One of Africa’s most popular tourist destinations alongside Egypt and Tunisia, Morocco is a bubbling pot of culture, flavours, history, and exciting tours that has attracted adventurers and daring desert explorers for centuries. Attractions that make this Maghreb pearl an ideal holiday destination for Westerners plagued by wanderlust range from colourful markets, stunning natural sites, and enchanting beaches to yummy delicacies and multitude of leisure activities suited for tourists of all vacationing styles.

A realm fringed by dunes, mountains, and seas

Fringed by the Atlantic Ocean in the west, overshadowed by the Rif mountains up north, and embraced by the Sahara desert to the east, Morocco is characterized by different climate zones. Mediterranean temperatures in the country’s northern regions are ideal for spring, summer, and autumn holidays. Further inland, however, climate is harsh, with cold winters and very hot summers, so be careful when picking your destination and planning the trip to avoid extreme seasons. The Atlantic coast generally records the highest rainfall, while southern regions are drier and characterized by longer daily sunshine intervals. April-May and October-November are rainy seasons here, so embark on your Morocco exploration during a less humid month just to stay on the safe (and dry) side.

Pristine beaches and adrenaline sports

In Morocco, you can find some of Africa’s cleanest beaches such as Tcharrana, Agadir, Laghzira, Quemado, and Imsouane. The Atlantic coastline features sandy stretches perfect for lounging and water sports such as diving, snorkeling, and surfing. For rockier beachscapes, head over to the country’s Mediterranean coast: northern Morocco is ideal for adrenaline junkies looking to merge mountain trekking sessions and beachside fun, capture memorable sunrise pictures from the ocean shore and get your blood pumping fast during cave and forest explorations.

Imperial cities steeped in culture and history

Marrakesh, Casablanca, Rabat, Fes, Tangier, and Meknes are the largest cities in Morocco with rich historical backgrounds, fascinating culture and lively arts scenes. Due to its turbulent history marked by conquests, foreign invasions, and colonial struggles for power, Morocco’s culture is a now a blend of influences from Asia, the Middle East, Europe and the rest of Africa. The multicultural identity of Morocco is reflected in the local architecture: stylistic eclecticism shines at its finest here, with imposing shrines, impressive synagogues scattered among lavish riads, colourful street markets, and Islamic-inspired houses along Mediterranean streets.

 Palate-tingling flavours and zesty spices

Moroccan Cuisine boasts intriguing combinations of flavor and spices such as saffron, cumin, and mint. The most famous Moroccan dishes include couscous (hand-rolled wheat pasta usually served with meat and vegetables), kebabs, fried seafood, makouda (deep-fried potato balls dipped in spicy harissa sauce), zaalouk (smoked aubergine dip-seasoned with paprika, garlic, cumin, and chilli powder), and harira (refreshing soup with tomatoes, lentils, chickpeas, lamb, lemon juice, and chopped coriander).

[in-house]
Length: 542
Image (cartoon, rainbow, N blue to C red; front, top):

A camel-borne desert adventure

Desert tours on camelback are another unique experience for Western tourists eager to savour the authentic spirit of Morocco. Camel trekking is very popular here: an excellent way to explore the magnificent Sahara landscapes, inspect awe-inspiring rock formations up close, sleep under the starry desert sky, and conquer the sandy expanses like a true nomad or Bedouin, camel-borne tours range in length from one-day outings to two-week expeditions. Though not exactly the embodiment of transport comfort, camel trekking tours (méharrées) should definitely be on every tourist’s To Do list during a visit to this wild land. Before embarking on any camel trek, please ensure you are using a responsible operator who puts the camels welfare first. Avoid any ride if it gives you cause for concern about the animal’s treatment. As a minimum, check that the camels have access to shade, water and rest and are not overloaded. An average adult camel should carry a maximum load of 150kg – equivalent to two people each weighing 12 stone. If in doubt, insist that each camel carries only one person (source: SPANA).

Shoppaholic’s heaven in the heart of impressive cities

Morocco has a long tradition of trade relations with Europe and Asia, and the country’s love of bargaining is noticeable at every corner. Marrakesh, Tangier, Fez, and Casablanca are popular stops on a shoppaholic’s Morocco quest. At the busy souks, you can find just about anything you need, from handmade artifacts, fine fabrics, hand-woven baskets, and local spices to tribal jewelry, leather goods, precious metals, and traditional carpets. Vendors like to haggle and make small talk with foreigners, so do not skip a visit to the market if you truly want to feel the Moroccan vibe coursing through your veins.

A melting pot of different identities, Morocco is an excellent place to taste the unique spirit of North Africa and experience the region’s exotic mix of cuisine, culture, religion, and art. A jewel of Maghreb encompassing dunes, beaches, mountain summits, and impressive imperial cities, Morocco is the spiciest blend of the East and the West, and its everlasting charm will never cease to attract tourist crowds in search of adventures and romance betwixt the desert and ocean waves.